The debate started with a bang, with American entrepreneur Vivek Ramaswamy calling out the GOP for using left-wing media personalities to moderate the Republican Debate. “Think about who’s moderating this debate. This should be Tucker Carlson, Joe Rogan, and Elon Musk. We’d have ten times the viewership, asking questions the GOP primary voters care about, and bring more people into the Republican Party,” he said. But the moderators moved along very quickly and unto a discussion of foreign policy and some domestic issues that highlighted the importance of caring for one another as human beings.
The foreign policy discussion began, of course, with a discussion of the Hamas terrorist attack on Israel. The good news is that all candidates express strong support for Israel. Florida Gov. Ron DeSantis said, “Finish the job once and for all with these butchers, Hamas.” Former UN Ambassador Nikki Haley echoed the sentiment, saying, “I said finish them.” Vivek Ramaswamy also said he would tell Benjamin Netanyahu “to smoke those terrorists on his southern border.” Sen. Tim Scott said Israel needs to “Wipe Hamas off of the map.” And former New Jersey Gov. Chris Christie said he would tell Netanyahu that “America is here no matter what it is you need at any time to preserve the state of Israel.”
Domestically, the issue of life brought similar support for the most vulnerable. When asked about how to move forward following pro-life losses in several states, Gov. DeSantis reaffirmed his strong message, saying:
“I stand for a culture of life. I understand that it is important that everyone gets a shot. I’m reminded of a story of a young mother who was struggling in Jamaica about 40 years ago, 45 years ago. She was counseled to not have a baby because she was poor because the baby wouldn’t have opportunity. And she came close to having an abortion, but she decided to have the baby born poor in Jamaica. And the reason I know that story is because that baby girl ended up emigrating to the state of Florida, becoming a lawyer and a judge, and I appointed her to the Florida Supreme Court in August of 2022. We’re better off when everybody counts. We’re better off when we can promote a culture of life.”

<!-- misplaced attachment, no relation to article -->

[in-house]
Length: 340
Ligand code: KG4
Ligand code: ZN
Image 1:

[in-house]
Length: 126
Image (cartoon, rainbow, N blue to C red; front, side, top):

He also criticized the Democrats’ radical pro-abortion stance: “But let’s just be clear, the Democrats are taking a position—they will not identify the point at which there should be any protection, all the way up until birth. That is wrong, and we cannot stand for that.”
Ambassador Haley said she is unapologetically pro-life but said she wants to find consensus: “Let’s agree on how we can ban late-term abortion. Let’s make sure we encourage adoptions and good quality adoptions. Let’s make sure we make contraception accessible. … Let’s focus on saving as many babies as we can and support as many moms as we can.”
Sen. Scott said proudly he is 100% pro-life. “I would certainly, as President of the United States, have a 15-week national limit. I would not allow states like California, Illinois, or New York to have abortions up until the day of birth… Three out of four Americans agree with a 15-week limit. Forty-seven out of fifty countries in Europe agree with a 15-week limit.”
Both Sen. Scott and Gov. Christie talked about being “pro-life for the whole life,” calling for an increase in public support for services for mothers in crisis pregnancies, something Concerned Women for America has been leading through our efforts for a Life.org portal to help mothers in need. And Ramaswamy called for more involvement and responsibility from fathers.
Overall, it was a good, productive discussion that shows the candidates are willing to engage the issues thoughtfully and respectfully.
Of course, it is worth noting that the undisputed leader of the Republican Party field, Donald Trump, was, once again, missing on the debate stage. He leads by more than 40 percentage points. And a new CNN poll showed him expanding his lead over President Joe Biden.